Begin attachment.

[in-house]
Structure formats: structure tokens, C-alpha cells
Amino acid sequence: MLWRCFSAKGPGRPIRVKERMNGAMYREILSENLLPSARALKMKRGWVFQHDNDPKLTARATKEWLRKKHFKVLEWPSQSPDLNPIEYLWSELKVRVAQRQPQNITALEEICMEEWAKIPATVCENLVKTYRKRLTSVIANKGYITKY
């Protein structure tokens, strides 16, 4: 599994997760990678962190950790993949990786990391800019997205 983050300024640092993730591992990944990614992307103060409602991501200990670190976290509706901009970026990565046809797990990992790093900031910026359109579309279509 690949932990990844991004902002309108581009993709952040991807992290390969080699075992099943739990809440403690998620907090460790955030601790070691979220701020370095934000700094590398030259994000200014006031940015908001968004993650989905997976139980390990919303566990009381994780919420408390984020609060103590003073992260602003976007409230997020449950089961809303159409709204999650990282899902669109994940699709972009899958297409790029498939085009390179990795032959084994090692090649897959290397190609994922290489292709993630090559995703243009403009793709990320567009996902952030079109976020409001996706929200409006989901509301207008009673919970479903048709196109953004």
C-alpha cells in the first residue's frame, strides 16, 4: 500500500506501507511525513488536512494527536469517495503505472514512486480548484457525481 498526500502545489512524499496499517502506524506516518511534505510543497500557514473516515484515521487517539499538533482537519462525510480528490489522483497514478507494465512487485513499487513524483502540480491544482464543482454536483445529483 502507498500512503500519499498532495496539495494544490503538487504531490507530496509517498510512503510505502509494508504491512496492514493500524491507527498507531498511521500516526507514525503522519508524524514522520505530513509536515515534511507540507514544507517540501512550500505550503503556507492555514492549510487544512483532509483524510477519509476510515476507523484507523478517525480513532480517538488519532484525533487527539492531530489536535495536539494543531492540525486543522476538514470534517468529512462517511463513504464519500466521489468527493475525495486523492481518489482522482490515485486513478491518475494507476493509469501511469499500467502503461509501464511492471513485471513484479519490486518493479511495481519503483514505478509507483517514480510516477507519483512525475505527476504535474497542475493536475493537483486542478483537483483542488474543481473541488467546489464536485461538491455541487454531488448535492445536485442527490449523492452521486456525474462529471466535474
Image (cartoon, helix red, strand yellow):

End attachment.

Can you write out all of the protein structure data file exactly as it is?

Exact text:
[in-house]
Structure formats: structure tokens, C-alpha cells
Amino acid sequence: MLWRCFSAKGPGRPIRVKERMNGAMYREILSENLLPSARALKMKRGWVFQHDNDPKLTARATKEWLRKKHFKVLEWPSQSPDLNPIEYLWSELKVRVAQRQPQNITALEEICMEEWAKIPATVCENLVKTYRKRLTSVIANKGYITKY
């Protein structure tokens, strides 16, 4: 599994997760990678962190950790993949990786990391800019997205 983050300024640092993730591992990944990614992307103060409602991501200990670190976290509706901009970026990565046809797990990992790093900031910026359109579309279509 690949932990990844991004902002309108581009993709952040991807992290390969080699075992099943739990809440403690998620907090460790955030601790070691979220701020370095934000700094590398030259994000200014006031940015908001968004993650989905997976139980390990919303566990009381994780919420408390984020609060103590003073992260602003976007409230997020449950089961809303159409709204999650990282899902669109994940699709972009899958297409790029498939085009390179990795032959084994090692090649897959290397190609994922290489292709993630090559995703243009403009793709990320567009996902952030079109976020409001996706929200409006989901509301207008009673919970479903048709196109953004």
C-alpha cells in the first residue's frame, strides 16, 4: 500500500506501507511525513488536512494527536469517495503505472514512486480548484457525481 498526500502545489512524499496499517502506524506516518511534505510543497500557514473516515484515521487517539499538533482537519462525510480528490489522483497514478507494465512487485513499487513524483502540480491544482464543482454536483445529483 502507498500512503500519499498532495496539495494544490503538487504531490507530496509517498510512503510505502509494508504491512496492514493500524491507527498507531498511521500516526507514525503522519508524524514522520505530513509536515515534511507540507514544507517540501512550500505550503503556507492555514492549510487544512483532509483524510477519509476510515476507523484507523478517525480513532480517538488519532484525533487527539492531530489536535495536539494543531492540525486543522476538514470534517468529512462517511463513504464519500466521489468527493475525495486523492481518489482522482490515485486513478491518475494507476493509469501511469499500467502503461509501464511492471513485471513484479519490486518493479511495481519503483514505478509507483517514480510516477507519483512525475505527476504535474497542475493536475493537483486542478483537483483542488474543481473541488467546489464536485461538491455541487454531488448535492445536485442527490449523492452521486456525474462529471466535474
Image (cartoon, helix red, strand yellow):